Water’s Edge

A Touch is All it Takes

As I sit on the deck writing, with a comforting cup of tea in front of me, the clutching feeling in my chest begins to soften. My daughter’s departure for college has finally happened. It has been another childbirth, one with a long, long labor. During senior year, we lived through the college application process and attended final concerts, events and productions. All of it culminated in a joyous high school graduation.  Throughout, we arm-wrestled over who got to use the car and what time she would be home. Summer came and was filled with babysitting jobs, hosting a delightful French exchange student, and many fun, short trips around New England. Difficult conversations about our relationship and my recent divorce from her father challenged us. I swung from wanting her to leave right away, to dreading the inevitable. Finally, the days of packing and preparations to leave were upon us. Now I am home, exhausted after the 11 hour road trip to Oberlin.

My daughter has left. My heart is bereft…feeling like a cleaving of some part of my soul. I wonder how anyone ever manages to lose a child who has died. This clearly is not that. But loss is what I feel most intensely the first 48 hours after returning home. It surrounds and saturates me as I walk through the house like an open wound with no place to go, sobbing, “My baby’s gone, my baby’s gone!”

“My baby” is a strongly independent soul, who at 18 months began choosing her own clothes to wear in the morning. While learning to climb the stairs, Fiona would say, “Thelf!  Thelf!” meaning “Self?  Self!” I’m doing it on my own. When learning to count, she started off, 1, 2, 3, 4, 6, 7, 8, 9, 10. “What happened to 5?” we would ask.  “I don’t do it that way,” she answered. Interesting to note that she did become a top math student. Just a few weeks ago, I tried to help apply sunscreen to her back. She refused, saying, “I need to be self-sufficient”. I have called Fiona my “just add water and mix” child, as it was easy to raise a do-it-yourselfer, especially one with her easy, cheerful joy and natural confidence.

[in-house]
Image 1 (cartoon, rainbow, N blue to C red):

During our journey as we talked about the impending separation, I explained to her one way I have felt our bond. When she was an infant I would go out for a walk in the neighborhood and feel an energetic umbilical cord stretching around the block the entire mile. She scoffed and was quick to state the umbilical cord had been cut at birth, “MOM.” Right now it is another cutting of the cord that we both feel in different ways. She eagerly moves into the beginning of adulthood, freedom and independence, while I reckon with mortality, facing the steepening slope of losses ahead of me.

At last I feel some relief. A few texts asking about forgotten items and what kind of bike lock to use and I start to emerge from the incapacitating nature of grief. They remind me of the years of family bed when even as an infant, she wanted just a little bit of touch at all times – an elbow, a toe, the back of her hand against me, as if needing to complete the current. Our contact will be less as her life grows ever fuller and more separate from my own. My investigation of life will change and deepen as well.  But I sense that her request to find her missing favorite bras and mail them to her was more than forgotten clothes.  She was reaching out to touch…to know I am here.  And that will never change.

Maine morning

I walk the dogs back from Nickerkane Island, across the bridge, in the early morning. I have had coffee but nothing else, face unwashed, just getting the dogs out for their business. It is overcast and recently rained hard in the earlier hours while we were still in bed. A man has backed his truck up to the shed with all the lobsters pots hanging on it, next to the old tub with several colors of painting peeling off it in a lively mosaic. He is looking across the inlet thinking, and considering his options. As I start to ascend the hill, he surprises me by suddenly saying, without looking at me, “You’ve convinced me that it’s not going to rain today.” I reply, “really?” (as I’m not yet convinced), and he says,  “Yes.” He starts to unload lobsters pots off the back of his truck. Nothing more said.